• Recognize your own faults/contribution to the financial issues. Instead of placing blame, take a look outside of yourself and see how you might also be contributing to any monetary problems happening in the household.
  • Talk to your partner. Although conversation about money (budgeting, the what-ifs, etc.) should ideally happen prior to walking down the aisle, it is sometimes still not enough to keep the strain away. Have recurring conversations with your spouse about the budget and managing the money, and see what you can do (together) to make positive changes.
  • Get it down on paper. Karney recommends what he calls a Financial Performance Improvement Plan, where you identify two to three specific setbacks with money and create a solution for each. Be as specific as possible and create a deadline to ensure follow-through. Repeat as much as necessary until you have a potential solution for each money problem.
  • Don’t forget to nourish the relationship. Just because you have financial stress does not mean you need to neglect the emotional aspects of your marriage. As you try to improve your situation, consider cheap date nights or weekend getaways that fit your budget.
  • Talk to a therapist. You should consider talking to a therapist, either together or separately, to overcome any of the psychological and physiological impacts that may have already begun to take place from the effects of financial stress on marriage. This is especially true if you are having suicidal or hopeless thoughts and have a hard time feeling motivated to work and so on. Being healthy and taking care of yourself is extremely important in maintaining wholesome relationships both within and outside of your marriage.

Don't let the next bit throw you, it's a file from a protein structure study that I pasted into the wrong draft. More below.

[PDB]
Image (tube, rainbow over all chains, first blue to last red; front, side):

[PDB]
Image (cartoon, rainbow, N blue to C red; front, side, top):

Anyone can be a target to a marriage dealing with economic issues. Financial stress does not have to mean a lack of funds; it can also mean not agreeing on how to spend the combined income. It’s OK to ask for outside help from friends and family members to see how they may be able to relate or what input they can provide as an outsider. Sometimes, the simplest solution is taking a look outside of ourselves so that we can help ourselves.

What is your take on the topic? What advice would you add? 

How to Get Your Spouse on Board with Saving More

spouse

It’s no secret that finances are a touchy subject in relationships, and I’ve talked about this before here on Suburban Finance. But, one of the best ways to prevent issues is to be very open and honest about money in the household. How do you do that, though, if you have a hard time getting your spouse on board with a budget?

When my beau and I moved in together four years ago, we had to talk about all the unexciting (but important!) stuff like who is going to handle what bills, how we would split the rent and so on. As our relationship and lives have evolved, we have had to revisit this conversation over the years.

Ryan made the decision to go to medical school, a decision of which I am very proud and supportive; however, this means our spending habits have to change. Between the two of us, I am typically the one always thinking of ways to save. I had to get him on the frugal life bandwagon as well so that we will have less to worry about once he is in school full-time.

He may not be my official spouse yet, but here are a few do’s and don’ts on how to keep the money conversation from turning into a war:

Don’t be controlling

Household decisions need to be made together, not forced upon one another. Everything Ryan and I do, we try to make it a team effort. Money decisions are no different. Over the last seven and a half years, we’ve learned that the way we view money and saving do differ. So, try to pick ways to save that work for each other instead of against each other. Ultimately, you only have control over yourself. You can encourage change, but the more you push, the more resistance (or resentment) you may get. Realizing this first is the initial step.